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It just kept ringing

A fascinating story about a cellphone and Mahler's Ninth Symphony: 
During the New York Philharmonic's performance Tuesday night, it was interrupted by an iPhone. The jarring ringtone—the device's "Marimba" sound, which simulates the mallet instrument—intruded in the middle of the movement, emanating from the first row at Avery Fisher Hall.

When the phone wasn't immediately hushed, audience members shook their heads. It continued to chime, and music director Alan Gilbert turned his head sharply to the left, signaling his displeasure.
Minutes passed. Each time the orchestra reached a quiet section, the phone could be heard above the hushed, reverent notes. Finally, Mr. Gilbert could take no more: He stopped the orchestra.

A Philharmonic spokeswoman said Wednesday the music director has never before halted a performance because of a cellphone or any other type of disruption.As the offending noise continued in a loop, Mr. Gilbert turned in its direction and pointedly asked that the phone be turned off. The audience let out a collective gasp.

The ringtone—believed to be an alarm—played on.

The audience wasn't pleased. A Wall Street Journal reporter seated in the 19th row heard jeers hurled from the balconies. One man screamed: "Enough!" Another yelled: "Throw him out!" The audience clapped and hollered in agreement—and still the tone continued to sound amid the din.
Thanks to my good friend Nancy for this story - read the whole thing here.
on January 16, 2012 6:20am
Those who cry throw him out dont get the point of the music.
SIR
on January 16, 2012 7:08am
One evening I was directing a Lessons & Carols program at the chapel at Fort Belvoir.  We had just finished our opening piece, and I turned to explain to the congregation participating what a "lessons and carols" program was about, as it was the first time we had ever done that there.  To my disbelief, a cell phone rang - and the elderly woman to whom it belonged answered it and carried on a fairly lengthy conversation.  The bass section leader congratulated me after the program for not "leaping into incredible action and ripping the d-----d thing right out of her hands!"  The practically universal presence of cell phones and similar devices in public or sacred spaces is so insulting, and, despite constant reminders to people to turn off or silence these devices, almost invariably ringing at some god-awful moment, allows us little choice but public humiliation.  Not only should the person who, like this fool in New York (who has since apologized publicly) just let it ring on and on and on, have been publicly jeered and shouted out, we ought to be prepared as directors to make the point.  The arts are already treated as incidental; we don't have to take it as yet another instance of the philistinism of certain members of our audiences.  While it may be the "nicest" approach to ignore it, there are times when it is physically/sonically impossible - as Mr. Gilbert obviously felt was the case here.  And if it happens, let the guilty party beware!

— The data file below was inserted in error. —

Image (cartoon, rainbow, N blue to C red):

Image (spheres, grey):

Ron
on January 16, 2012 2:22pm
At the SF Symphony, everytime there is a hushed, ethereal moment, someone coughs and pretty soon others follow. It takes only one person to jar the audience out of it's mood.
on January 16, 2012 4:09pm
A cell phone went off behind me while I was conducting Stainer's The Crucifixion, just before a fermata.  I stopped and bowed my head waiting for it to be turned off, but no such luck...
 
I can feel a bit of sympathy for the offenders, though. If the powering down noise is even more obnoxious, as was the case with my phone before I took a lot of time to learn about resetting sounds, one might just hope for the ringer to hang up.  I nearly had a very embarrassing experience with a now discarded phone which, even when the ring is off, emits a piecing alarum to warn you when the battery is running low. That happened just outside the wings of a large hall.
on January 16, 2012 4:33pm
There's several things from this story that don't sound quite right.  If indeed this was a new phone for him perhaps he shouldn't have brought it with him to Avery Fisher Hall or if he couldn't do that at least know how to completely shut off the phone.  On an iPhone as well as most other mobiles the alarm (regular alarm not a calendar reminder will sound even if the silent tab or the phone is in silent mode.)  In calendar mode the alarm will not sound with the phone in silent mode.  If someone just gave this poor guy a phone and said "here" that's irresponsible in the same way it's irresponsible for a car rental company to just show you where your car is when you go to rent it without giving you basic information such as where the headlights, wipers, unlocking prodecure and other basic things before turning you loose with a piece of machinery.  He should have left the phone secured elsewhere and counted on a companion if he absolutely needed to make a call. His ignorance of how to operate his device is no excuse.  If he didn't know how to operate it or how to fully shut it down that's definitely a reason for him to be ashamed of interrupting the NY Phil.
on January 21, 2012 9:48am
I have rented from Budget, Enterprise, Alamo and a few others. NEVER, EVER did someone give me 'basic information such as where the headlights, wipers, unlocking prodecure and other basic things before turning you loose with a piece of machinery.' as you suggest. It has never, ever happened. 
on January 16, 2012 4:51pm
Nothing can top Charles Bruffy, whose cell phone rang during his own presentation at an ACDA convention. And he answered it!